I should have explained that Kurt Gödel and the Foundations of Mathematics is divided into three main parts, ‘Historical Context’, ‘A Wider Vision: the Interdisciplinary, Philosophical and Theological Implications of Gödel’s Work’, and ‘New Frontiers: Beyond Gödel’s Work in Mathematics and Symbolic Logic’. There are no less than seven papers in the first part left to talk about, and I’m not really the best person to comment on their historical content. But on we go.
Next, then, is Karl Sigmund on “Gödel’s troubled relationship with the University of Vienna based on material from the archives as well as on private letters”. The bald outlines will be familiar e.g. from Dawson’s biography, but there’s a lot of new detail. This is a nicely readable paper about the facts of the case, but I don’t think that there’s anything here that sheds new light on Gödel’s intellectual progress.
The fifth paper is ‘Gödel’s Thesis: an Appreciation’ by Juliette Kennedy. This concentrates on the philosophical Introduction of Gödel’s 1929 thesis on completeness (the material which wasn’t included in the 1930 published version), and in particular on his remarks about whether consistency implies existence. So part of Kennedy’s paper is in effect an elaboration of what Dreben and van Heijenoort say on p. 49 of their intro in the Collected Works when they point out that Gödel’s remarks are a bit misleading. She goes on also to urge that that there is evidence that Gödel was already, in 1929, thinking about incompleteness for theories (also not really a new suggestion). Unless I’m missing something — and Kennedy isn’t ideally clear — this also doesn’t really add much to our understanding. [That’s too brisk — see the Comments.]
The following paper is a typically lucid piece by Solomon Feferman, on the Bernays/Gödel correspondence, and as always is well worth reading if you are interested in the history here. Feferman has already introduced the correspondence in the Collected Works: but this piece concentrates at greater length on the theme of ‘Gödel on Finitism, Constructivity, and Hilbert’s Program’. As he writes,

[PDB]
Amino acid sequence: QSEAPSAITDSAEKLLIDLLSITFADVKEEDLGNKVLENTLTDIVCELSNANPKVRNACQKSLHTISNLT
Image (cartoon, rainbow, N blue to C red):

There are two main questions, both difficult: first, were Gödel’s views on the nature of finitism stable over time, or did they evolve or vacillate in some way? Second, how do Gödel’s concerns with the finitist and constructive consistency programs cohere with the Platonistic philosophy of mathematics that he supposedly held from his student days?
Re the first question, Feferman wrote in CW of Gödel’s ‘unsettled’ views on the upper bound of finitary reasoning. Tait has dissented. But in fact,
Tait says that the ascription of unsettled views to Gödel in the correspondence and later articles “is accurate only of his view of Hilbert’s finitism, and the instability centers around his view of whether or not there is or could be a precise analysis of what is ‘intuitive”’ (Tait, 2005, 94). So, if taken with that qualification, my ascription of unsettled views to Gödel is not mistaken. As to Gödel’s own conception of finitism, I think the evidence offered by Tait for its stability is quite slim …
On the second question, of why Gödel should have devoted so much time to thinking about a project with which he was deeply out of sympathy, Feferman writes
Let me venture a psychological explanation … : Gödel simply found it galling all through his life that he never received the recognition from Hilbert that he deserved. How could he get satisfaction? Well, just as (in the words of Bernays) “it became Hilbert’s goal to do battle with Kronecker with his own weapon of finiteness,” so it became Gödel’s goal to do battle with Hilbert with his own weapon of the consistency program. When engaged in that, he would have to do so – as he did – with all seriousness. This explanation resonates with the view of the significance of Hilbert for Gödel advanced in chapter 3 of Takeuti (2003) who concludes that … [Gödel’s] “academic career was molded by the goal of exceeding Hilbert.”
Sounds plausible to me!